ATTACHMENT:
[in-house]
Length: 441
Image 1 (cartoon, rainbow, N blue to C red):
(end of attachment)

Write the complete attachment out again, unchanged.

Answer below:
[in-house]
Length: 441
Image 1 (cartoon, rainbow, N blue to C red):